Data centres have been using less electricity than you think... or at least, compared with what they have in the past.
According to a study by Jonathan Koomey, a consulting professor at Stanford and a climate and energy researcher, data centre energy use in the last five years rose only about 56% vs doubling in the period between 2000 and 2005. And in the US, it rose only 36% instead of doubling.
Electricity used in global data centres in 2010 accounted for between 1.1% and 1.5% of total electricity use, the Koomey study found. And less than 1% of electricity used by data centres worldwide was consumed by Google, perhaps the highest-profile user of data centre servers.
The Koomey report attributes the lower usage to a lower-than-predicted server installed base rather than energy efficiency improvements.
Growth in the installed base of servers had already begun to slow by early 2007 because of virtualisation and technological factors. The 2008 recession, combined with further improvements in virtualisation, led to a significant reduction in actual installed base by 2010 when compared with a forecast published in 2007 by market research firm IDC.
Servers are still the largest and most important electricity consumer in data centres, the Koomey report states. And Google is estimated to have about 900,000 of them, compared to 25,000 in 2000.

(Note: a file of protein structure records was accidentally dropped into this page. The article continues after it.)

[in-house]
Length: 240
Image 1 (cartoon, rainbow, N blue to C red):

Growth in electricity used per server may have accounted for a larger share of demand growth from 2005 to 2010 than it did in 2000 to 2005, the report suggests. Meanwhile, the dominant driver of electricity demand from 2000 to 2005 was growth in the installed base of volume servers, which doubled over that five-year period, according to the Koomey report.
Indeed, Koomey notes that the main reason for the lower estimates in this study is the lower IDC installed base estimates, and not the operational improvements and installed base reductions from virtualisation.
And going forward, IDC forecasts virtually no growth in installed base from 2010 to 2013, which presages continued slower growth in electricity use, the Koomey study states. The IDC forecast assumes virtualisation will become more and more prevalent, reducing the need to install more physical servers.
This trend should improve energy efficiency while driving up utilisation of remaining servers, which spreads energy use and other costs over more computations per server.
And the impact of cloud computing on energy usage?
Cloud computing installations typically have much higher server utilisation levels and infrastructure efficiencies than do in-house facilities, the Koomey report states. So increased adoption of cloud should result in lower electricity use than if the same computing services were delivered using more conventional approaches.